The Bayat Foundation, led by entrepreneur and philanthropist Ehsanollah Bayat, recently inaugurated a new pediatric intensive care unit (ICU) and critical care unit (CCU) at Indira Gandhi Hospital in Kabul. The facility, rebuilt atop the debris of an unused, ruined section of the building in less than five months, features advanced remote patient monitoring technology, modern beds and medical equipment, and a variety of additional solutions focused on enabling acute care for children.
“We are grateful to have the opportunity to aid the committed medical staff and young children of Afghanistan by constructing this modern pediatric care unit,” Mr. Bayat said. “Through our long support of young leukemia patients at Indira Gandhi Hospital, we realized the significant difference that new ICU/CCU facilities could play in allowing doctors to serve many more of the neediest and most at-risk children, more effectively than before. The Foundation looks forward to remaining engaged with hospitals around the nation to help ensure the next generation of Afghans begin life as safely and well as possible, and we believe this new pediatric facility will provide improved healthcare results for many of the neediest children in Afghanistan.”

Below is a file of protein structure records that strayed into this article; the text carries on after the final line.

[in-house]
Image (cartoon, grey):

The new critical care unit is the twelfth health care facility that the Bayat Foundation has constructed around the nation since beginning a mission in 2005 to build a network of maternal and early childhood hospitals in underserved and underdeveloped areas of Afghanistan whose main focus is maternal wellbeing, child health, and safe births.
This network of medical care facilities for Afghan mothers and children – located in Mazar-e-Sharif (Balkh Province), Dai Kundi (Uruzgan Province), Maimana (Faryab Province), Behsood (Wardak Province); Tagaab Village (Wardak Province); Hessa Dowom (Wardak Province); Tora Bora (Nangahar Province), Sar-e Pul City (Sar-e Pul Province), Lashkargah (Helmand Province), and Gardez (Paktia Province)– has served more than 700,000 patients since the inception of the Foundation’s maternal/child health initiative. The hospitals range in size from 10 to 150 beds and are built to a modern design, with complete electrical systems, patient rooms, operating rooms, delivery rooms, post-operative recovery rooms, a pharmacy, doctor’s offices, reception area, storage and bathrooms.
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